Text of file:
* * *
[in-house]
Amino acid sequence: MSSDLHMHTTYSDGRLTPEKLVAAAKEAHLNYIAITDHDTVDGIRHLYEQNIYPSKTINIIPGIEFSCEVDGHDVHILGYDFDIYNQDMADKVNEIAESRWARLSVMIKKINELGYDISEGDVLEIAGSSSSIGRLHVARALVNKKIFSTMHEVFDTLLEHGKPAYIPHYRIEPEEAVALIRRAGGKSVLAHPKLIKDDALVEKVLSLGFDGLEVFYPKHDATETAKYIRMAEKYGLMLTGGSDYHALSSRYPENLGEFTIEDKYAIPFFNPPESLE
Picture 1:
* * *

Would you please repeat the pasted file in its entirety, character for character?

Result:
[in-house]
Amino acid sequence: MSSDLHMHTTYSDGRLTPEKLVAAAKEAHLNYIAITDHDTVDGIRHLYEQNIYPSKTINIIPGIEFSCEVDGHDVHILGYDFDIYNQDMADKVNEIAESRWARLSVMIKKINELGYDISEGDVLEIAGSSSSIGRLHVARALVNKKIFSTMHEVFDTLLEHGKPAYIPHYRIEPEEAVALIRRAGGKSVLAHPKLIKDDALVEKVLSLGFDGLEVFYPKHDATETAKYIRMAEKYGLMLTGGSDYHALSSRYPENLGEFTIEDKYAIPFFNPPESLE
Picture 1: